Washington (CNN) - President Barack Obama huddled with top Capitol Hill Democrats at the White House on Wednesday as congressional leaders sought to find enough middle ground to pass a sweeping health care reform bill.
The meeting was part of a series of feverish negotiations among House and Senate Democrats trying to close ranks on a series of controversial issues.
Liberals in the House of Representatives are particularly upset with a provision in the Senate bill that would impose an excise tax on high-end insurance plans.
The ongoing deliberations are necessary to craft a final bill from the $1 trillion measure approved by the House in November and an $871 billion plan cleared by the Senate in December.
House Speaker Nancy Pelosi and Senate Majority Leader Harry Reid would like to pass a compromise bill before the president's upcoming State of the Union address, though some Democrats have indicated that timetable could slip.
House Democrats are trying to forge a new consensus within their divided caucus during a three-day legislative retreat in Washington this week. Obama is scheduled to address the caucus on Thursday; former President Bill Clinton will speak on Friday.
One of the most divisive issues for Democrats is the Senate bill's inclusion of a 40 percent tax on insurance companies that provide plans valued at more than $8,500 for individuals and $23,000 for families.
Proponents of the tax on such "Cadillac" plans argue it's one of the most effective ways to curb medical inflation. Many Democrats, however, oppose taxing expensive policies because it would hurt union members who traded higher salaries for more generous health benefits.
AFL-CIO President Richard Trumka warned Monday that Democrats risk losing critical union support in November's midterm elections if they don't drop the tax.
Labor leaders have urged Congress and the White House to instead adopt the House health care financing plan, which includes a 5.4 percent income tax surcharge on individuals earning over $500,000 and families earning more than $1 million.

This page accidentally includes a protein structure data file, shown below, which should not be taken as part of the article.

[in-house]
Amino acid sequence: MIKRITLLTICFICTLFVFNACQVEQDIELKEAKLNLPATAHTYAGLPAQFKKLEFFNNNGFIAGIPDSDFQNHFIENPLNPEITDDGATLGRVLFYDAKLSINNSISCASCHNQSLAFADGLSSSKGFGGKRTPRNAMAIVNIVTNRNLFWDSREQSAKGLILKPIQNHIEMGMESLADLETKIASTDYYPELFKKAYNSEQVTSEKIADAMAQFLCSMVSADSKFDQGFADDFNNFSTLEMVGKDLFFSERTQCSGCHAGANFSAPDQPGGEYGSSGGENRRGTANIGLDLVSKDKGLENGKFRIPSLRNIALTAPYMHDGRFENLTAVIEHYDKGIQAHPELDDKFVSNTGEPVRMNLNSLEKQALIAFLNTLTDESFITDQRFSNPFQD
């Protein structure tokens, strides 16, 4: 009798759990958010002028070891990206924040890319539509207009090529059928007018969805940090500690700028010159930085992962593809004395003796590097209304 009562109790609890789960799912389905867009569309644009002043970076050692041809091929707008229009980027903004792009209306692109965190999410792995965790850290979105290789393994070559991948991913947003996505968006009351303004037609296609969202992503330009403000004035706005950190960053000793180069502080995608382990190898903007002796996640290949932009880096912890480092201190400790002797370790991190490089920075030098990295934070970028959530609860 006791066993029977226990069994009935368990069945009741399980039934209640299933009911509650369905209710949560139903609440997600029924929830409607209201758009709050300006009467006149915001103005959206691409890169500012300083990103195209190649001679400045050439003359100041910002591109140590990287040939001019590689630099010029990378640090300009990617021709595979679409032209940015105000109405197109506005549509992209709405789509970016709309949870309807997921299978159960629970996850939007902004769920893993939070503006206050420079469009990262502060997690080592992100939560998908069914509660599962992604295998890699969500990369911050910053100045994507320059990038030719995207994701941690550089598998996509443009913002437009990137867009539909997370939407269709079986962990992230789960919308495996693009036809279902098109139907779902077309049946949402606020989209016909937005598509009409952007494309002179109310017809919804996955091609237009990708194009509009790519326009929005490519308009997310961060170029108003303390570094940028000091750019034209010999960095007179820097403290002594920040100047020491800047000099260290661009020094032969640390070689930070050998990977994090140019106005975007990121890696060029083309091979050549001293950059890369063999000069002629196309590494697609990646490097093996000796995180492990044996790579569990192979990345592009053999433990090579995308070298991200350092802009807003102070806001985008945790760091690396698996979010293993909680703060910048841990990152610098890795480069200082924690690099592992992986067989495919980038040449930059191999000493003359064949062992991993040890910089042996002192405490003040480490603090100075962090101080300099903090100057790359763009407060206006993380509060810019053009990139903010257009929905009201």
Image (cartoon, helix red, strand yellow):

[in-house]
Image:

One possible compromise idea now being considered by Democrats is to raise the income threshold for the excise tax in an attempt to hit fewer workers, several Democratic leadership sources have told CNN.
The sources said Democratic leaders are considering a range of thresholds as high as $28,000. In order to make up for the difference in lost revenue, an additional boost in Medicare taxes for wealthy Americans is being considered, according to multiple Democratic congressional sources.
The expanded Medicare tax would be extended to cover earnings on investments, which currently are exempt, the sources noted.
The current Senate bill would hike Medicare payroll taxes on families making over $250,000; the House bill does not.
Even if House and Senate Democrats reach a compromise on funding, they still have to tackle a range of other controversial issues. Among other things, Democrats have to reach a decision on whether to include a government-run public insurance option, as well as on language relating to abortion coverage and illegal immigration.
House Democrats are also urging the Senate and the White House to agree to set up a national insurance exchange in the final bill, instead of the state-based exchanges in the Senate bill.
The exchanges are designed to make it easier for small businesses, the self-employed and the unemployed to pool resources and purchase less expensive coverage.
House Republicans, meanwhile, reiterated their contention on Wednesday that any bill emerging from Democratic negotiations will be fundamentally flawed in part because it will fail to rein in spiraling health care costs.
GOP leaders said at a Capitol Hill news conference that they would try to defeat a final bill by persuading enough moderate and conservative Democrats to vote against it.
"We're looking at 37 Democrats who are in districts ... that are particularly upset and vulnerable to the provisions of this health care bill," said Rep. Eric Cantor, R-Virginia.
"The choice is very clear for the Democratic members on the other side who sit in these seats that reflect a much more center-right America. And the choice for them is - are they going to be with the people or are they going to be with Pelosi?"